Select Committee on Home Affairs Appendices to the Minutes of Evidence

APPENDIX 2 (continued)

Supplementary note by the Immigration and Nationality Directorate, Home Office


  The service should consider the scope for small scale computerisation at individual ports to improve the use of intelligence information, for example by speedier access to relevant information and more detailed analysis of patterns and trends of offending. (2.10)

  In assessing the information technology needs of the Desk the Service should consider the need to take professional advice so as to make the most effective use of the information, having regard to cost and the resources available. (2.33)

  This recommendation has been overtaken by organisational changes. The IND Intelligence Section is now a separate unit. An intelligence database has now been ordered and is due to be installed imminently. The IS Intelligence and Investigation Unit database has been subsumed by the Warnings Index System and by the CRISIS system. The latter provides a management information system for enforcement offices. Most IND information technology requirements are now outsourced.


  In developing the role of the Intelligence Desk the Service should ensure that:

    —  ports are regularly consulted and provided with information relevant to their current needs;

    —  the Desk builds fully upon the local initiatives at some ports and promotes good practice;

    —  the Desk promotes full exchange of information between enforcement work and the arrivals control, this might include for example alerting officers on the control to the methods used by offenders to enter the country. (2.32)


  Points one and three are standard practice. The IND Intelligence Section is now a separate unit, which coordinates intelligence work for the Service. The IS is currently undertaking a scoping study to introduce a standardised system for intelligence gathering which will be based on the NCIS model. This should establish a co-ordinated and accountable system of intelligence gathering and usage at ports and enforcement offices.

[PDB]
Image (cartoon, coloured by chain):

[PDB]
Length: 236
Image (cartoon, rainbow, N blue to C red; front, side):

The Service should improve allocation of detention spaces by:

    —  Introducing a clear grading system to prioritise cases;

    —  Improving the system for monitoring accommodation use and detainee movements, possibly through computerisation;

    —  Extending co-ordination arrangements to the whole country;

    —  Establishing a central point for authorising and controlling the use of police and prison accommodation. (paragraph 5.10)


  Efficient use of detention is a prime objective. It has been decided that cases for detention are to be prioritised in accordance with the feasibility of removing the detainee from the United Kingdom. To facilitate this a review of all existing detained cases was commenced in May 2000 to enable the blockages to removal to be more readily identified.

  The monitoring and co-ordination of detainee movements has been improved. In 1999 the in-country escorting contract was expanded to include all movements in Scotland and Northern Ireland and a new overseas escorting service contract was awarded.